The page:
Finding some interesting images became an exciting challenge, some worked, some didn’t, but the search became fun in itself. Shooting the lone tree from every possible angle of interest, as a slow-moving mist flowed down from the surrounding fells looked especially moody. The low clouds slowly creeping, edging ever closer to the valley floor, swirling around the buildings of local stone, and around the isolated rocks, and trees, flowing over crumbling dry stone walls, and climbing over stiles like a spectral fog from a horror b-movie.
Close ups of fallen trees, concentrating on the patterns and texture of the bark, or patches of soft moss contrasting with the rough ridge like contours of the tree, nature; the ultimate designer.
This search meant a long day, and it was a couple of tired, and hungry photographers which returned to our secluded cottage at Hall Hills, near Dalston. There was plenty of animated conversation during dinner, while checking the images captured, and while researching potential locations before we retired, hoping for more favourable conditions the following day.
Waking up to a bright, clear morning with wispy clouds, it seems I might have greater favour with the weather gods than many might imagine. The clouds thickened but the favourable conditions and our research led us deep into the Langdales, soon standing next to the crystal clear, mirror-like waters of Blea Tarn. The surrounding fells reflected perfectly in the still water, almost like an oil painting, the bright sun occasionally breaking through the dark clouds turning the lower slopes of the fells a golden colour. In the calmest corner of the tarn a thin film of ice was still in place, despite the signs of spring everywhere, threatening it’s fragile, crystalline existence.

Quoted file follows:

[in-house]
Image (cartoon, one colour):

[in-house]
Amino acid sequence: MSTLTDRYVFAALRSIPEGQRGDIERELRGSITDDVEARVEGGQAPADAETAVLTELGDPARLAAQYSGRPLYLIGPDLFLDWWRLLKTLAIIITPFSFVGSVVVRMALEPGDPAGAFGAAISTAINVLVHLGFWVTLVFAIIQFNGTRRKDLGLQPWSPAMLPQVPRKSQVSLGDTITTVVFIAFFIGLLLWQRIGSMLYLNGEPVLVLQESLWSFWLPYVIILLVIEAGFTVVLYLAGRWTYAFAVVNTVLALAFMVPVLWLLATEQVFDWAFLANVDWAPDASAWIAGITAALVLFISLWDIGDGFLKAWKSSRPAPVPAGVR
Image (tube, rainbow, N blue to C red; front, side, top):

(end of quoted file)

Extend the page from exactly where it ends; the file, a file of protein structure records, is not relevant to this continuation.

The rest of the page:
Meandering slowly through the Langdales, stopping when a suitable scene presented itself, often waiting for angry-looking clouds to part, or drift over the fells providing deep shadows, contrasting with the stark landscape of the rugged fells.
“nature mastering the many shades of grey”
Eventually arriving at Loughrigg Tarn as the sun began to sink behind the highest peaks, depriving the tarn of it’s life giving warmth, until the small, secluded lake almost seemed drained of any hues. The stark black silhouettes of leafless trees reflected in the still waters of the colourless water, while bulrushes waved slowly in the slightest breeze. It was a moody scene which contrasted perfectly with the scenes from earlier in the day, and was an ideal climax to our trip.
The film “Fifty Shades of Grey” was released the weekend we visited, tickets for the premier in Keswick had apparently sold out within minutes. It somehow seemed appropriate, as the Lake District had surely presented every possible hue during the last few days, nature mastering the many shades of grey far more effectively than anything portrayed in a film.
During the three days spent in the Lakes, we may not have experienced the National Park in all its moods, but we’d been treated to several sides of its character. It’s not merely about grabbing an image of a subject or destination at their best, or only taking picture postcard images. Stories are usually complex, many details telling a complicated story, capturing these details, and showing every facet of the character is part of the appeal of photography.